Q – Anchor-chain-breaking storms seemed to affect the ships a lot more in the later years compared with the earlier. What changed?
A – Great question! Perhaps ‘Global Warming’ or other natural climatic changes have actually increased the average ferocity of storms over time? Here’s another idea: When Caroline began, it was only 3.5miles offshore from Frinton-on-Sea, Essex, a relatively ‘flat’ area of land and sea, and at anchorages near sandbanks offering some shielding from waves, currents and northeast winds. But when British territorial waters were increased, if the ships wanted to stay in that area they’d have to move further away from the protective banks, but also their target audience in London. So they moved nearer to the Thames Estuary, where shallower turbulent waters between Essex and Kent land masses were actually rougher, and also amidst many treacherous sand banks.
Q – How did they present live record-playing programs while being tossed around during storms?
A – It’s true they had a hard time. CD’s and digital recordings just didn’t exist in those days. While they had ‘carts’ (tape loop cartridges) to play jingles and commercials, they played rotating vinyl records for music and the deck stylus needle would slip off the disk as they played when the ship rocked badly. They sometimes weighed down the tone arm with (large) British pennies. When bad conditions prevailed they had to revert to ‘The Storm Tapes’ – pre-recorded music programs.
Q – How did the DJs get back to England after the ‘MOA’ outlawed the pirates? Or did they never return?
A – It depended on opportunities. Some would stay on the ship for long periods. Sometimes they’d travel back with a supply tender to its European port then make their way back to England through normal routes (most DJs used false names on air). But many probably made their way ‘illegally’ traveling on whatever supply boats came out from British harbors or seaside towns.
Q – What is the status of Caroline’s last ship Ross Revenge?
A- Technically the ship is still subject to a Department of Trade and Industry detention order, with movements restricted to the Thames area. The steering gear was damaged on the Goodwin Sands and much of her machinery is in poor condition. She is currently classified as a "hulk" so exempt from many regulations for a de-commissioned trawler, but also regarded un-seaworthy so must be towed to locations. The support group is still restoring it to working order.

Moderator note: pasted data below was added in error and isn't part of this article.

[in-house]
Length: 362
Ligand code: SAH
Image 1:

Q – I’m visiting England. Are there any museums or still-existing pirate ships to be seen?
A – Not sure about museums. Nearly all pirate radio ships were left to rot, or scrapped, mostly in European ports. Radio Caroline’s last ship, Ross Revenge, is a still-functioning station, not transmitting but generating programs for internet distribution, and (as of start of 2016) anchored in the River Blackwater, Essex, 50mls east of London, at approx GPS co-ordinates 51.729630, 0.809626. Since Autumn 2016, Caroline has finally been able to offer boat trips out to visit the ship – see their website http://www.radiocaroline.co.uk/#home.html for more details. The river is about 1ml wide here; you might get a view from the south side at Sea View Promenade, St. Lawrence, Southminster, Essex, at 51.720329, 0.817675.
Q – Are there any movies showing what Pirate Radio life was like?
A – There are various documentary videos available through the Caroline organization (www.radiocaroline.co.uk) and many on YouTube. If you want a ‘feature movie’ that gives a general impression of the genre, look out for “Pirate Radio” (2009) (aka “The Boat That Rocked” in Britain). It’s fictional, set on a fictional radio ship and silly in places (crowds of girls didn’t really go on board and stay the night!) but loosely based on life on the pirate ships. Get the DVD for some great ‘deleted scenes’ too.
Q – What about the World War II forts – did radio stations survive on those?
A – There was a number of UK coast-defense “Maunsell” forts, most near the Essex coast and Thames estuary.
(See Map at bottom of Pirate Radio Essex DJ Page) They were usually either a single 2-legged platform (by the Navy) or clusters of 4-legged towers linked together by catwalks (Army). Few were left outside territorial limits when those were increased in 1987. Some have been fully or partly destroyed deliberately to prevent occupation; most are anyway now so old and rusting as to be unsafe to occupy. There is one that was intended to be a radio station in 1967 but then declared the Principality Of Sealand as an independent nation, despite standing within UK’s extended waters, so its legality is questionable.